Born Malcolm Little, Malcolm X later substituted his surname with an “X” to signify an African American heritage lost to a wider US narrative that he believed to be irredeemably bound up with the logic of slavery and racism. In his attempt to defeat such logic, Malcolm X became known as a prophet of black nationalism, the philosophy that came to characterize the latter stages of the post-1945 black struggle. Malcolm X rose from a life of crime – during which he was known as “Detroit Red” – to become the foremost spokesperson of the Nation of Islam, a controversial sect that was offering black people an alternative ideology to that being offered by Martin Luther King and the Civil Rights movement. Malcolm would later split …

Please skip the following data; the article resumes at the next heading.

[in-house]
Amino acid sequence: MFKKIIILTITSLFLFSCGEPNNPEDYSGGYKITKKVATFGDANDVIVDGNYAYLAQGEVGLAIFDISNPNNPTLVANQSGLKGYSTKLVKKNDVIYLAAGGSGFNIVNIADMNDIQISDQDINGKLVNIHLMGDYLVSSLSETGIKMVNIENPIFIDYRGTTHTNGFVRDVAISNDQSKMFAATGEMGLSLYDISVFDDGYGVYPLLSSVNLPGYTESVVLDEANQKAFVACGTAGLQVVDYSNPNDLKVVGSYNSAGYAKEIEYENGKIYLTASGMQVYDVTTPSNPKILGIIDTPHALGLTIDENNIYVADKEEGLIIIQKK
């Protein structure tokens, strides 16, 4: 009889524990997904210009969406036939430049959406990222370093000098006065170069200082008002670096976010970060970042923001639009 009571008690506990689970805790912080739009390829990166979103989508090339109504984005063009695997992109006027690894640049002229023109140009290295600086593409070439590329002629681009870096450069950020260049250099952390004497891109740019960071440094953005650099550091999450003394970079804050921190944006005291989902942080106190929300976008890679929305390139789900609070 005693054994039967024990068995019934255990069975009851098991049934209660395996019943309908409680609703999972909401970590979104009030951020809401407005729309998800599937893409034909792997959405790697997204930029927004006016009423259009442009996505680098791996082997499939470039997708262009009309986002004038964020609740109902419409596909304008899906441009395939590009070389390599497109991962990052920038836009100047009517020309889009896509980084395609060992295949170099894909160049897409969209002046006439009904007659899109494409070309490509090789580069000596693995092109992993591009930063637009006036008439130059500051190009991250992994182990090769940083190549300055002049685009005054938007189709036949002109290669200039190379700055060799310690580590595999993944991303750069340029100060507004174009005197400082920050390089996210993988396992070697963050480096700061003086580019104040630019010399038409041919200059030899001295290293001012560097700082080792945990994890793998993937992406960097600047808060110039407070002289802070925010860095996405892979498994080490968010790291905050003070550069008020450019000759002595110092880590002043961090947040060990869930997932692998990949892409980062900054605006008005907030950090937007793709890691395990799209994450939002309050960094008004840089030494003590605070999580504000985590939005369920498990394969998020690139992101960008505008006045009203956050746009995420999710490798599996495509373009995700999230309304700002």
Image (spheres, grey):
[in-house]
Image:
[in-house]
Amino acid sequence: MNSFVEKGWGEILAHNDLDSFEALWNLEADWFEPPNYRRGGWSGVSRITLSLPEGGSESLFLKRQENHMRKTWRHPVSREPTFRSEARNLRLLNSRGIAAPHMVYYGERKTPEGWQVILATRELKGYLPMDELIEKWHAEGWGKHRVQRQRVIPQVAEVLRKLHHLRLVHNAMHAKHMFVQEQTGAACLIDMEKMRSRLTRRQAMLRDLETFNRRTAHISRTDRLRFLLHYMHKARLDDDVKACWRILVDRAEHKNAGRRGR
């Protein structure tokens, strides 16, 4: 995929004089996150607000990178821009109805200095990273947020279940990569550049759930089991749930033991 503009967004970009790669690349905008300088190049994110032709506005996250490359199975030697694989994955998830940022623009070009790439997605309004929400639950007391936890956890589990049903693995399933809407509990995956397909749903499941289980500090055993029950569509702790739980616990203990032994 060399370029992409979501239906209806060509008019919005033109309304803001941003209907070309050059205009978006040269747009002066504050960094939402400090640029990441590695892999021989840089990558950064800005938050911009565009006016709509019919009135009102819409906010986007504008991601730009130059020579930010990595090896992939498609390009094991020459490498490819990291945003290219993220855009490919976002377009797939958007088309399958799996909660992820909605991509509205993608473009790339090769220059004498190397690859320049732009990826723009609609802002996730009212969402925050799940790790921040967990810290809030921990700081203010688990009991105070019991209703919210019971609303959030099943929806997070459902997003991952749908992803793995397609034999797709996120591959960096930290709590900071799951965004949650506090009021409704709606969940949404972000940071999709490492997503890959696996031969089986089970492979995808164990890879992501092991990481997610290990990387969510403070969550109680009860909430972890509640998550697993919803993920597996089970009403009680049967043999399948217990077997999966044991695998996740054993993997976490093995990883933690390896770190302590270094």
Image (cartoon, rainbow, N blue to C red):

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Citation:
Hartnell, Anna. "Malcolm X". The Literary Encyclopedia. First published 10 January 2009
[http://www.litencyc.com/php/speople.php?rec=true&UID=4823, accessed 26 November 2014.]

Articles on X's works

  1. The Autobiography of Malcolm X

Related Groups

  1. American Civil-Rights Movement in the 1960s